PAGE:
FTMC: Fieldwork; An Introduction
Fieldwork is the third portion of the Interim Ministry Network’s basic education for transitional ministry. Fieldwork provides an opportunity to apply what you have learned from FTML and FTMC in combination with your life and ministry experiences; sense of call to transitional ministry; and your professional instincts. Fieldwork is intended to focus on a specific situation in your regular work.
In Fieldwork, you chose a project: a part of your work involving some needed change. The project should relate to one of the five Process Tasks, (covered in the three-day class) or one of the five Focus Points (covered in the five-day course).
There is also the element of Colleague Learning Group meetings (usually by phone about 30 days apart) where each person takes their turn presenting their “project.” Descriptions of the project and congregation are sent out by email ahead of time so other Colleague Learning Group members have an overview of your proposal. During the call, colleagues make suggestions, share resources and/or raise questions for you to consider. Regardless of suggestions or critique of your project, you retain control of how the project will be conducted. Each call has an IMN Faculty member present to check on progress, make observations and/or suggestions.
Time will be spent during the FTMC course setting up Fieldwork groups, choosing the date and time of the first call, explaining the process, and answering your questions.
Click on the questions below to reveal the answer.
Q: What if I am not in an Interim situation?
A: Settled Pastors or those in-between positions can identify a change related project in their regular work, or the congregation they attend. Another option is serving as a consultant to another congregation or a near by Interim Pastor.
Q: Is Fieldwork mostly about designing a project or implementing a project?
A: Both. Different skills are needed for each task. A project well designed but poorly implemented, or a project poorly designed but well implemented will both lack the impact an ably designed and implemented project could offer.
Q: Suppose I can’t remember all the resources mentioned by my colleague group?
A: Each colleague who is not presenting is to fill out a form with their observations, ideas, questions and the like. Those forms will be emailed to you following your presentation.
Q: How will I know what to share about the project and congregation?
A: IMN provides forms with specific questions or areas to be covered. When it is your turn to present, you use these forms to send information to your colleague group about two weeks ahead of your presentation.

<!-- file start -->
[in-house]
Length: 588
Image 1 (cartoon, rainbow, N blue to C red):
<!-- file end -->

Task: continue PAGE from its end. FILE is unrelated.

Q: Suppose work or health prevents me from attending a scheduled session?
A: We hope that will not happen, but if it does, you contact the Faculty person working with your group as soon as you are aware of the problem. There is a catch-up process that involves contact with each person who presented that day, and following up with a report. If you are the presenter for that day, additional arrangements will need to be made with the whole group to reschedule your presentation.
Q: How large are the Fieldwork Colleague Learning Groups?
A: Generally 5 to 7 (6 is ideal) group members plus the Faculty person. Under special situations the groups may be larger or smaller.
Q: What do I do when I am not the presenter?
A: When one of your colleagues is presenting (even if you are also presenting the same day):
- Before the call – you will receive and read information about their congregation and project.
- During the call you participate with your insights, experience, questions or concerns.
- Following the call you send a form that summarizes your comments, concerns or suggestions.
Q: What about sharing confidential information on my forms?
A: You may wish to change names of specific individuals. However, the same norm of confidentiality observed when in class sessions is expected during fieldwork.
Q: How will the feedback process work after I present my project to my Colleague Learning Group?
A: Before you begin your presentation, your facilitator will invite you to tell the group what type of feedback would be most helpful to you; for example, about content, about method, about style of writing up your findings, about recommendations for more resources, etc.
Q: Suppose my ministry ends before the project is completed?
A: This occasionally happens. Your Faculty Fieldwork Supervisor will help you determine how to reshape your Fieldwork, or develop a project for your new setting. In any case it should not prevent you from completing Fieldwork.
Q: What if I fail Fieldwork?
A: The only way to fail Fieldwork is to not do it. If you participate in phone calls, develop and implement a project, and fill in and send the forms for each step you will complete fieldwork. Fieldwork focuses on learning: your learning and your colleagues learning together and from each other.